MIPS Reporting: Individual vs. Group Reporting and New Year 2 Changes

By Arieanna Schweber

High-growth medical practices know that there can be opportunities hidden in the fine print of every new regulatory program. MIPS — part of the larger transition to value-based care — is one program that offers both carrots and sticks. It’s easy enough to avoid a penalty, but savvy practices are aiming higher and looking at opportunities to earn incentives through MIPS. One decision that has the potential to impact payments is whether to report as an individual or as a group.

The Medicare Access and CHIP Reauthorization Act of 2015 (MACRA) is positioned to replace the Sustainable Rate Growth (SRG) formula for Medicare payments to providers. The program shifts the way Medicare fees will be paid in 2019 from a service-based model to a performance-based model, which incentivizes the end-value brought to the patient.

MACRA’s value-based reimbursement system is called the Quality Payment Program (QPP) with two paths for participation: the Merit-Based Incentive Payment System (MIPS) and Advanced Alternative Payment Models (APMs).

Under the Proposed Rule for the Quality Payment Program Year 2, proposed by CMS in late June 2017, if you bill more than $30,000 and care for more than 100 Medicare patients per year, you are subject to MIPS reporting which bega on January 1, 2017. Clinicians can choose how they want to participate in the payment program based on their practice size, specialty, location, or patient population. For the 2017 transition year, MIPS-eligible clinicians can submit a minimum of 90 days of data or a full year of data. Although the revised rule eases the burden on small practices and complex patients with “bonus” points and simplified reporting requirements, QPP implementation is still a major undertaking for small practices.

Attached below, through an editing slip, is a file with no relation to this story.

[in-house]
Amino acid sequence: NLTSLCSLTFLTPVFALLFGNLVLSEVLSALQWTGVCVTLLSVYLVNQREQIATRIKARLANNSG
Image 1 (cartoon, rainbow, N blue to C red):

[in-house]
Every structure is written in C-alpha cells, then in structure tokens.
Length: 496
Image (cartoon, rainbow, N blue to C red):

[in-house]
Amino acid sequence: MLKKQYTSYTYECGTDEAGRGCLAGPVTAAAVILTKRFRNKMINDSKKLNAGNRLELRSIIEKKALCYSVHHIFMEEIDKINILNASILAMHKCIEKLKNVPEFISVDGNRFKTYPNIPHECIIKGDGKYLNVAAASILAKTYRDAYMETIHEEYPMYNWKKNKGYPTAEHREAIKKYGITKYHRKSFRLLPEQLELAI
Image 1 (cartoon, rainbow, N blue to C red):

MIPS-eligible clinicians (physicians, physician assistants, nurse practitioners, clinical nurse specialists, and certified registered nurse anesthetists) will be required to participate in one of two QPP tracks in order to avoid negative payment adjustments up to 4% in 2019, increasing yearly to 9% penalty per practitioner by 2022.

For medical groups, one of the earliest decisions to make is whether physicians should report as individuals or as a group. This decision has the potential to affect how quality metrics are reported and the potential bonuses that are available.

Individual or Group Reporting: Which Is Best For Your Group?

There are potential upsides and downsides to group reporting, depending on the individuals who make up your practice. You also need to determine your goals: Are you looking to avoid a penalty or to reach for a bonus?

Reporting as an individual gives you complete control over personal performance in each category to earn the highest potential incentive. For smaller medical groups, this ensures that individuals who have the highest potential are not pulled down by those with lower performance indicators. Individual reporting for larger groups has the highest administrative burden since each individual must track and report their own data for the Quality, Advancing Care Information, and Improvement Activities categories. Such data can be tracked and submitted in a number of ways, including via CareCloud’s practice management, Central.